Remake & Reboot: DC’s The Question

Since the advent of “The New 52” in DC Comics last year, there’s been a question on my mind. Or rather, the question: Where does the Question fit into all of this?

Originally created in 1967 by Steve Ditko for Charlton Comics, the faceless enigma got absorbed into the DCU when Charlton’s heroes were absorbed into the DC in the late 80s. Since that time,he’s had several outings in his own solo titles and guest appearances. Sometimes an investigative journalist, sometimes an urban shaman, he was the inspiration of Watchmen‘s Rorschach and is, in a certain way, the kind of hero Warren Ellis dreamed of when he created The Authority.

In modern comics the Question has had one lone appearance, in DC’s 2012 Free Comic Book Day offering. In it, he stood in front of a magical/cosmic overseeing body and was judged for his crimes, along with the mysteriously red-cloaked figure Pandora and the Phantom Stranger. In this new rendition of enigmatic enigma, he’s revealed to be a dangerous (but unnamed) super-villain who is wiped of his memories and his face and forced to live out his life searching for answers. It’s a good start — and here’s what DC should do next.

The Concept:

It seems the Question will be a player of some sort in the developing mystery of Pandora, and I’m all for that. Despite being different than the Vic Sage or Renee Montoya that’s come before, this could still dovetail into that and gain some readers along the way. What I would do is have this new Question be the kind of hero who’s good at his job because he knows how criminals thing — because he was one, but he doesn’t know it. While criss-crossing the DCU to ferret out the biggest mysteries of the day (including the fate of Renee Montoya), he could also slowly pull together the pieces of who he is… and then have to deal with it. All the while being one of the most vicious vigilantes on the right side of justice.

As far as villains go, the Question’s never really had a neatly organized rogue’s gallery but he’s faced a number of unique foes that could be built up into one. Imagine how Geoff Johns built up Flash’s rogues gallery, and put that to use here. From the shamanistic hitman Psychopomp from the 2005 Question miniseries to the high class drug dealer El Beato from the 80s series and the dueling street gangs of Hub City, the Huns and the Grinning Ghosts.

The Creators:

The Writer – Fred Van Lente: Van Lente seems to be one of the big writers lost in the shuffle at Marvel with the Architects ruling the roost around there, and he’s continually showed his acumen with smaller works like his Marvel Zombies work and The Comic Book History of Comics and doing fill-in issues of The Amazing Spider-Man. That being said, he’d never been given a major book to make his mark on, and seeing Valiant give him that chance with Archer & Armstrong is vindicating. Van Lente has the ability to mix comedy with drive and expert storytelling, and could be a great person to pick to reinterpret the Question for modern comics.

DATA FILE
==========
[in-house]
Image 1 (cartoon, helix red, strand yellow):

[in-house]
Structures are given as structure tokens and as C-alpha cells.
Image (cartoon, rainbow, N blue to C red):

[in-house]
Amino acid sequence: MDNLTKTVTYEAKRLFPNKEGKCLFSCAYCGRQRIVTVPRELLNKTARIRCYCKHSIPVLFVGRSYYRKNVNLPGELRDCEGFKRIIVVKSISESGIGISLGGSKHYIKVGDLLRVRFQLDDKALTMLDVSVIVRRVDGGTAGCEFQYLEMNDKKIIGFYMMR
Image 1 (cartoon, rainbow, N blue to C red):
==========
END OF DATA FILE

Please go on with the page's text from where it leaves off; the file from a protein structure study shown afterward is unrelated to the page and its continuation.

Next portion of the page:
The Artist – Juan Ferreyra: Ferreyra is one of those artists I continually wonder why DC or Marvel hasn’t latched onto (and I said as much when I profiled him as an iFanboy Upstart). Ferreyra would be an ideal choice to reboot The Question, being a great storyteller and one of the best under-appreciated cover artists otu there. Partner him with Van Lente and back up.



  1. I would love for The Question to come back. Both Renee and Vic are two of my favorite DCU characters.

  2. I dont understand how Valiant giving Fred Van Lente a chance on Archer and Armstrong is “vilifying”?

  3. It’s annoying how Renee Montoya has just disappeared. She’s a great character and played a large role as the Question pre-New52. She’s a major part of Batwoman’s history too, I’d love it if DC would acknowaldge her. I missed the Free Comic Book Day bit.

  4. I’m surprised you didn’t go with the obvious choice: Greg Rucka.

    • While I’d love to see Greg Rucka continue writing Renee as The Question, I think he recently (maybe on Word Balloon?) said something to the effect of his intended direction for Renee not matching with DC’s plans.

  5. Question likes reading watchmen:

  6. Q had some good badguys in the 80’s series like Junior, Butch and Sundance, and that reverend. I always thought that they could give Riddler the Kingpin treatment and move him to the Question.

  7. It’s really a crime that Renee has joined the ranks of the many characters that have been shelved post relaunch. It almost stings more than some of the others *cough*Wally West*cough*, because Renee’s character arc was so interesting. From a beat cop on the GCPD to a hero on the frontlines of Final Crisis, to the completely unexplored role in the Global Peacekeeping Agency. Mix in her conviction, her history in Gotham, and her relationships with characters like Bullock, Vic Sage, and Kate Kane and you have a beautifully rounded character that has a serious following. Not bad for a character that started out as an original creation in a minor role on The Animated Series. In my opinion, it’s a serious fumble on DC’s part. She should’ve been a major player in the current status quo.

  8. Hi Chris!
    On the iFanboy home page, the corresponding tiny thumbnail image to this article shown,
    Can you tell me where I may view a full size version, and whose it is?

    • The image in question is the cover to The Question Vol. 2 #2 by Tommy Lee Edwards. Edwards did all the covers for the short run of Vol. 2, and they’re all equally gorgeous. If you just image google “Tommy Lee Edwards Question Covers”, you’ll get plenty of results.

  9. I recently reread Rucka’s two Renee Montoya/The Question trades. It renewed my love of Montoya. Such a great character.

    It still baffles me as to why DC, trying to diversify the line with the New 52, would hang up their female-hispanic-lesbian character. Clearly a ball was dropped.